Office of Graduate Student External Grants and Fellowships | GradFund

The Four “C”s of Grant Writing (Advice from the Archives)

by | May 28, 2018 | Advice from The Archives, Best Practices, Proposal Writing Advice

Advice from the Archives Series Note: Occasionally, we dig into the archives to uncover a post we feel holds relevant and timely information worthy of a repost. If you are interested in learning more about research grants and fellowships to support your graduate study, be sure to visit the GradFund Knowledgebase.

An effective grant application will be clear, concise, comprehensive, and compelling. These four “C”s may help you focus the drafting and revision process for any application.


Aim to describe your research project so that it is intelligible to an interdisciplinary review panel. Reviewers for award competitions often have to wade through hundreds of applications. With the limited time they have to review your proposal, you need to make sure they can quickly understand the goals and significance of your research. Replace jargon and technical terminology with layman’s terms where necessary. To write clearly, means to reduce jargon, but it also means to follow a logical form of organization and to proofread awkward sentences that impede a hurried reader’s understanding.


In your research proposal, aim to strike a good balance between providing necessary context and framing out your unique contribution. At times, there is a tendency to overload a proposal with unnecessary background information. This becomes especially problematic when this happens at the expense of clarifying the contribution of the project to the scholarly literature. Limit the background to the most necessary details a reader needs to orient him or herself and focus your proposal on the new knowledge your project will generate.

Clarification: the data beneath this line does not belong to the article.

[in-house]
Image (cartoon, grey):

To be comprehensive means to include all the key ingredients required to fulfill the guideline requirements. Make sure that you directly address the review criteria and any prompts the funder provides. Most reviewers will not be familiar with the nuances of your project, so you need to describe the methods you use to gather data and answer your research question in a comprehensive way.


The first three “C”s are straightforward enough, but what does it mean to make an application compelling? We advise students to foreground the significance and timeliness of your project. What would we miss if you did not get to investigate the research question you propose and why is it important that this work be done now? As a writing exercise, step back from the draft of your application and try to answer these questions directly. See if there is a way to integrate your responses into your proposal.


The way you make your grant or fellowship application clear, concise, comprehensive, and compelling is unique to you and your research. That is why we offer individual appointments at GradFund. Our goal is to customize our feedback to the opportunities and challenges to the graduate scholars with whom we work.

Originally posted on May 2, 2016 by Ben Arenger. Lightly edited and updated above by María Elizabeth Roldan.

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